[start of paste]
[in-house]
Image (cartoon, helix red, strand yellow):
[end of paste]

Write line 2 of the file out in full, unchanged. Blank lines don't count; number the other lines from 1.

Image (cartoon, helix red, strand yellow):